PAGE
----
(Originally posted June 27, 2011)
Living all her life in the small Alabama town of Hanceville, my Granny–Sula Ballard–took great pride in knowing everyone in town. It was a rarity for Granny to not know at least something about most any name you could throw at her. Granny could also recite the family lineage of most any citizen of the town, both paternal and maternal, at least two generations back, with side notes of any scandal or ancestor of note surrounding the family name in question.
Eighty-five years spent in the rural hamlet of Hanceville had given Granny not only a sense of familiarity with local townsfolk, but also a sense of entitlement since my Grandfather served as Mayor of Hanceville for 16 years. Everyone knew Sula Ballard, and if you happened to be new in town, it wouldn’t be long before you at least heard about her. Her personality was in many ways larger than life. Outspoken? You better believe it. Gregarious? You can’t imagine how much! It was fun to see her enjoy life in “her” town so much! However, there were times when a bit of temperance was needed in regard to Granny’s entitlement to the towns services for its citizens. Allow me to explain…
After leaving Hanceville to go away to college, I would make regular phone calls to Granny to keep up to date on all the goings-on about town. If there was a scoop to be had, Granny would know! One particular Thursday morning, I called Granny to get myself up-to-snuff on the Hanceville latest. Perhaps Aunt Addie was found unattended yet again, wandering the dish towel aisle at Wal-Mart. Aunt Maybelle might have had coaxed Uncle Howard out in the cemetery one more time with his trusty tape measure. Under the cloak of darkness, Aunt Maybelle and Uncle Howard made careful measurements of each tombstone to assure that the one marking their future resting spot would be the largest on the cemetery grounds. (Tacky!! So says Granny…) There was no telling what family or neighborhood bit-o-tid Granny would relay to me each week!
“Hey Granny! What’s been going on with you since we talked last?” I said. In a most serious tone, she replied, “Well, let me tell you…for the past several days I’d been working so hard on my Bible lesson for last night’s Bible class. I’d filled out every question, and I was so proud of myself for getting it all finished before class time! Then, when it was time to go to church, Maybelle of all people called, and you KNOW how she just won’t hush when you have to be somewhere, so I finally just told her, ‘Maybelle, I’m going to be late to church, I’ve got to go!’ and I hung up on her! So I grabbed my lesson book and Bible and rushed out to get in the car. Then when I tried to crank it, not a sound!!”
“Lord have mercy! I was already running late, my Bible lesson was ready, and the car won’t start! So I hopped out and dashed back in the house and dialed 911. I told the girl to send one of the boys over to pick me up and take me to church. My Bible lesson is ready and I’m already running late! Tell him to hurry!”
“Whoa!! Granny! You can’t call 911 to get a Policemen to take you to church!” I chastised and told her that 911 was to be used ONLY in an emergency. Granny snipped back, “It was an emergency! I had to get to church and my car wouldn’t start!” “Well, did ‘one of the boys’ come get you?” I asked. “Of course. It wasn’t 5 minutes until Homer Shadinger pulled up the driveway and I hopped in the squad car. I told Homer he better floor it cause I was already late!” “Did he turn on the flashing lights?” I inquired. “No!” Granny said, “that would have been a bit much…”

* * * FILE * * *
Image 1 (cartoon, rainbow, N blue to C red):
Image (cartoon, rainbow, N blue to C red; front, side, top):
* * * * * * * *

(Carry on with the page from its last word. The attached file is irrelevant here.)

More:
“But here is the troubling part,” Granny added in a hushed tone. “When I called 911, there was a new girl on the line and I did not know her, or her family! She asked me what was my address. ‘What do you mean ‘what is my address’? The last time I called you knew what my address was!”
“Whoa, hold the phone, Granny” I yelped! “The LAST TIME you called?? How often are you calling 911??”
Granny staunchly replied, “Well, last Friday night I knew it was about time for the high school football game to be over, and since the boys were always over at the stadium, I called 911 and told them to radio over to one of the boys and find out who won the ballgame.”
Visions of my Granny being cited for frivolous usage of the emergency 911 service were twirling through my head…
“…and last summer after your Aunt Connie had that dadblasted new central air-conditioning put in, I called 911 late one night and told them to send one of the boys over and turn that damn thing off! I was about to freeze to death!!” Granny added.
“Oh, Granny…you can’t call 911 for things that aren’t emergencies!” I said. “It WAS and emergency!” she said. “I was about to freeze to death, and surely would have if one of the boys hadn’t come over and shut that thing off!”
So, a belated ‘Thank You’ I extend to the Hanceville Police Department for not giving my sweet Granny a ticket…or tickets…for dialing 911 whenever the whim hit. She was a character, the likes of which I dare say Hanceville will not see again!